Home > Africa > How Big Water Projects Helped Trigger Africa’s Migrant Crisis | Yale E360

How Big Water Projects Helped Trigger Africa’s Migrant Crisis | Yale E360

by Fred Pearce

  Donkeys on a dried-out section of the Inner Niger Delta in Mali. Fred Pearce/Yale e360


Donkeys on a dried-out section of the Inner Niger Delta in Mali. Fred Pearce/Yale e360

…. In northern Nigeria, up to 1 million people have lost livelihoods because of dams on the River Yobe that once fed the Hadejia-Nguru wetland and flowed on into Lake Chad. In both cases, says Edward Barbier, an environmental economist at Colorado State University, the dams have had an overall negative effect on local economies, as losses to fishermen, pastoralists, and others exceeded gains from irrigation agriculture.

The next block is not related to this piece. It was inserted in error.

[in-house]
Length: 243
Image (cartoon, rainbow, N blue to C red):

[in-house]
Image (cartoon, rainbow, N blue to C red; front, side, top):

The poverty is driving social breakdown and conflict all around the lake. Mana Boukary, an official of the Lake Chad Basin Commission, an intergovernmental body, told Duetsche Welle two years ago: “Youths in the Lake Chad Basin are joining Boko Haram because of lack of jobs and difficult economic conditions resulting from the drying up of the lake.”

Yet the decline of the wetlands and the resulting social and economic consequences remains a largely untold story.

Read the whole story here: How Big Water Projects Helped Trigger Africa’s Migrant Crisis – Yale E360

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